The apparatus shown in FIGS. 3, 4 and 5, as mentioned above, constitutes a high production rotational molding apparatus in which a plurality of spheres 100 are used, each of which may be similar to the sphere 24 described above. The spheres 100 are supported on a pair of spaced shafts 102 and 104 which are individually driven at controllable speeds by drive motors 106 and 108 through appropriate belt drives 110 and 111, or their equivalent. The shafts, moreover, may be moved laterally towards and away from one another to change the axis of rotation of the spheres supported thereon. The transverse motion of the shafts may be achieved, as shown in FIG. 5, by supporting the shafts in bearings 120 and on rollers 122, which may be moved laterally across supporting bases 124. The lateral adjustments of the shafts may be made by adjus-table screw mechanisms 126.

As the shafts 102 and 104 are driven at different speeds, the various spheres 100 are caused to turn about a multiplicity of axes, and are also caused to move, for example, from the left to the right in FIG. 3, and from right to left in FIG. 5. As the spheres are so moved, they first pass through an ovel 112 where they are raised to the required molding temperature, and they are subsequently moved through a cooling chamber 114 where water sprays or other means are used to cool the molds, as in the previous embodiment.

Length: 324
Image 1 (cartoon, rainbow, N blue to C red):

As the spheres 100 are discharged from the chamber 114, and as shown in FIG. 5, a gravity feed track 128 carries the spheres to a removal and recharging area. The spheres are opened at the area and the molded products removed from the internal molding dies 132. The molding dies are then again charged with molding material and the spheres are closed and transported to the entrance of the oven 122 by a track 134.

The result of the use of the apparatus of FIGS. 3-5 is that high production rotational molding may be achieved. As the spheres 100, for example, pass from the cooling chamber 114, they move to the removal and recharging area where the resulting molded products are removed. Then, the molding material is again inserted into the mold cavities in the individual spheres, as mentioned, and the spheres are returned by the track 134 back to the entrance of the oven 112 to be passed through the oven 112 and through cooling chamber 114.

The invention provides, therefore, an improved rotational molding apparatus which is constructed in order that a hollow spherical ball is supported on rotatable members, such as rollers or shafts, so as to be easily controllable for rotation about an infinite number of axes. Heating within the sphere for molding purposes may be provided, as described, by means of an internal burner. Alternatively, and as also described, the sphere may be moved through a heating oven. As a further alternative, for example, the sphere may be placed in a bath of hot oil and rotated for heating purposes.

The rotation of the sphere about the infinite number of axes, as described, provides for a uniform distribution of the molding material over the inner wall of the mold cavity supported within the sphere. As also described, the use of the hollow spheres of the present invention, supported on appropriate shafts is advantageous in that it enables heavier and larger molds to be used as compared with the prior art apparatus in which the molds are suspended on the ends of rotating arms. Also, it enables the spheres to be used for high production rotational molding operations, by means of a plurality of such spheres transported continuously through an oven and cooling chamber, such as described herein.

It is apparent, therefore, that although particular embodiments of the invention have been shown and described, modifications may be made. It is intended to cover such modifications in the following claims.